Mapping Pathways is a multi-national project to develop and nurture a research-driven, community-led global understanding of the emerging evidence base around the adoption of antiretroviral-based prevention strategies to end the HIV/AIDS epidemic. The evidence base is more than results from clinical trials - it must include stakeholder and community perspectives as well.

13 June 2011

The Importance of Affordable Antiretroviral Therapy

by Aldona Martinka

The UN high-level meeting on HIV/AIDS last week highlighted the importance of accessable and affordable ARVs in developing countries. These hold potential for both treatment and prevention, but their availability in impoverished areas may soon be threatened.

Before CIPLA in India began to produce ARV cocktails for around a dollar a day in 2001, the treatment could be thousands of dollars, completely out of reach for the vast majority of the world. Since then the competition has greatly increased the affordability of these treatments, making them viable options for countless people that would not have had access to them otherwise.

Free Trade Agreements may restrict production and distribution of the more affordable generic versions of antiretrovirals through the Trade-Related Aspects of Intellectual Property Rights (TRIPS) agreement. This agreement already restricts access to recently developed pharmaceuticals in the southern hemisphere, but negotiations could worsen the situation according to Modern Ghana, "Studies show that FTAs with US resulted in 79% of 103 off-patent medicines not having any generic equivalent in Jordan and in price differences of up to 845,000% in the same therapeutic segment in Guatemala."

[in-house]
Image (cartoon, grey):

The EU is also pushing to create clauses in a trade agreement with India that would limit pharmaceutical production. This has potentially devastating effects in developing countries which depend on affordable drugs from manufacturers like those in India that would be affected. The reason for this is member states pushing to prop up the interests of their own pharmaceutical enterprises, often at the expense of the countries that most need these treatments.

Hope comes in the form of the Bangkok Declaration on Free Trade Agreements and Access to Medicines, a declaration supported by people and groups from Asia, Africa, and Latin America, some of the most-affected areas. The Bangkok Declaration opposes the creation of any more Free Trade Agreements, saying that they put corporate welfare above the welfare of millions living with AIDS that would be denied treatment.

To find out more about Free Trade Agreements and generic pharmaceuticals, visit herehere and here.

[Content that is linked from other sources is for informational purposes and should not construe a Mapping Pathways position.]

No comments:

Post a Comment